What we are interested in

- Lemnas sind geniessbar und verfügen über einen eigenen, etwas teichigen Geschmack. Zudem, und dafür werden sie allerseits gepriesen, enthalten sie viele Proteine und alle essentiellen Aminosäuren.
--> Wilde Genüsse / Margot Fischer 2014

- Wasserlinsen gedeihen offensichtlich gut in überdüngten Gewässern und sind sogar auf Klärbecken zu finden.
- Duckweeds grow under a wide variety of conditions, they are generally not found in oligotrophic water (water in which nutrients are in low supply). Exceptions are waters heavily contaminated by waste water.
--> source

Nutrients from urine and organic wastes
- Nutrients for duckweed can come from fertilizer or organic wastes.
--> source (see: Nutrient sources)
- Nutrients for duckweed may be supplied from sources such as cattle dung, pig waste, human urine, biogas plant slurry, leachate from silage or compost or other organic matter in slurry form.
--> source
The same is also mentioned in the article „Duckweed Aquaculture“ Growth conditions: The natural habitat of duckweed is floating freely on the surface of fresh or brackish water sheltered from wind and wave action by surrounding vegetation. The most favorable circumstance is water with decaying organic material to provide duckweed with a steady supply of growth nutrients and trace elements.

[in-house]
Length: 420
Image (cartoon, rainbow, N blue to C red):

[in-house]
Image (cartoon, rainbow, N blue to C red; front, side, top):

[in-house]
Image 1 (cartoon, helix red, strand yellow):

--> source (see: Growth conditions)
To cultivate duckweed a farmer needs to organize and maintain conditions that mimic the natural environmental niche of duckweed: a sheltered, pond-like culture plot and a constant supply of water and nutrients from organic or mineral fertilizers. Wastewater effluent rich in organic material is a particularly valuable asset for cultivating duckweed because it provides a steady supply of essential nutrients and water.
--> source (see: Section 1 Biology of duckweed)

Urine as nutrient source
What we want to do is, to produce nutrients from own urine and kitchen waste for duckweed.
First we thought to make a transformation of urine into nitrate, called nitrification. Nitrification is caused by nitrifying bacterias. Urea is hydrolysed into ammonium (NH4+) by bacteria containing an enzyme called urease. Ammonium is transformed by a type of bacteria into Nitrite (NO2-), and in a further step Nitrite is transformed by another class of bacteria into nitrate (NO3).
--> See a project on the webpage of Hackuarium: From urine to nitrate
--> see also: Nitrification
--> See the VUNA project: Nutrient recovery from urine (Eawag - Swiss Federal Institute of Aquatic Science, Bastian Etter)
--> See the publication Nutrient Recovery from Urine and Struvite Production Using Aquatic Plants in Nepal (EAWAG Aquatic research und zhaw life sciences)

But, one of the main nutriens of duckweed is ammonium ion NH4+ (Nitrogen). Besides, human urine contains also phosphorus. It‘s not at all necessary to make nitrate first. You can fertilize the plants with urine directly.
In spring we could meet Bastian Etter (He works on the VUNA project) at EAWAG and we talked about the nutriens in urine. Bastian Etter recommended us to fertilize duckweed with urine directly. Its not necessary to process urine if it doesn‘t contain residuals of drugs. So far as we produce urine by yourself we can ensure that no drugs are contained.